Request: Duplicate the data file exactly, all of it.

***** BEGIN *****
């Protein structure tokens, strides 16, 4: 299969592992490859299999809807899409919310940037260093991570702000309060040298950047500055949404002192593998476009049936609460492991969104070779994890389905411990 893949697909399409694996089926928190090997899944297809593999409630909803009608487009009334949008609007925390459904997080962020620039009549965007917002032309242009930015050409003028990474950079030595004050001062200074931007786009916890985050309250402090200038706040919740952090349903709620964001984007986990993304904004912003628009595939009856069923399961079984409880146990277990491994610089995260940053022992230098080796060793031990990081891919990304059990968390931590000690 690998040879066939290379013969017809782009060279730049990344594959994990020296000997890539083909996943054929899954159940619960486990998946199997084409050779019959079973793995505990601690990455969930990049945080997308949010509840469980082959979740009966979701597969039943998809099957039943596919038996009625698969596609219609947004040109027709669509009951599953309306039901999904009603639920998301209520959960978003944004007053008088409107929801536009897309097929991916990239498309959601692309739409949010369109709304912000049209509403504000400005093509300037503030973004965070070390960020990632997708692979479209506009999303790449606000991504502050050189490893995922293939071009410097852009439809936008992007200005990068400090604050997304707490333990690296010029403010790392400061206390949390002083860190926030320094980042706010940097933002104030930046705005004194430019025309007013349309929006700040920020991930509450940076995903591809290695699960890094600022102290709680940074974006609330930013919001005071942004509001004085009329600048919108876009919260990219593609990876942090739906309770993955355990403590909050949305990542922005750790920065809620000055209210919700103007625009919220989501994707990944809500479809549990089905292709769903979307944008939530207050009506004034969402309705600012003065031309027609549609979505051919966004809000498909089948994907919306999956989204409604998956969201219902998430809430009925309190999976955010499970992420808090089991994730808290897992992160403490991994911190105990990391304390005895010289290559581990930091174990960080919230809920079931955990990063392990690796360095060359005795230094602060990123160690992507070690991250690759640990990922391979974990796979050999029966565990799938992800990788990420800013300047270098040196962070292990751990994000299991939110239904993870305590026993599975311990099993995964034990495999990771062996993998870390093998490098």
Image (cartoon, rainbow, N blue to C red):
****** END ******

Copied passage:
């Protein structure tokens, strides 16, 4: 299969592992490859299999809807899409919310940037260093991570702000309060040298950047500055949404002192593998476009049936609460492991969104070779994890389905411990 893949697909399409694996089926928190090997899944297809593999409630909803009608487009009334949008609007925390459904997080962020620039009549965007917002032309242009930015050409003028990474950079030595004050001062200074931007786009916890985050309250402090200038706040919740952090349903709620964001984007986990993304904004912003628009595939009856069923399961079984409880146990277990491994610089995260940053022992230098080796060793031990990081891919990304059990968390931590000690 690998040879066939290379013969017809782009060279730049990344594959994990020296000997890539083909996943054929899954159940619960486990998946199997084409050779019959079973793995505990601690990455969930990049945080997308949010509840469980082959979740009966979701597969039943998809099957039943596919038996009625698969596609219609947004040109027709669509009951599953309306039901999904009603639920998301209520959960978003944004007053008088409107929801536009897309097929991916990239498309959601692309739409949010369109709304912000049209509403504000400005093509300037503030973004965070070390960020990632997708692979479209506009999303790449606000991504502050050189490893995922293939071009410097852009439809936008992007200005990068400090604050997304707490333990690296010029403010790392400061206390949390002083860190926030320094980042706010940097933002104030930046705005004194430019025309007013349309929006700040920020991930509450940076995903591809290695699960890094600022102290709680940074974006609330930013919001005071942004509001004085009329600048919108876009919260990219593609990876942090739906309770993955355990403590909050949305990542922005750790920065809620000055209210919700103007625009919220989501994707990944809500479809549990089905292709769903979307944008939530207050009506004034969402309705600012003065031309027609549609979505051919966004809000498909089948994907919306999956989204409604998956969201219902998430809430009925309190999976955010499970992420808090089991994730808290897992992160403490991994911190105990990391304390005895010289290559581990930091174990960080919230809920079931955990990063392990690796360095060359005795230094602060990123160690992507070690991250690759640990990922391979974990796979050999029966565990799938992800990788990420800013300047270098040196962070292990751990994000299991939110239904993870305590026993599975311990099993995964034990495999990771062996993998870390093998490098």
Image (cartoon, rainbow, N blue to C red):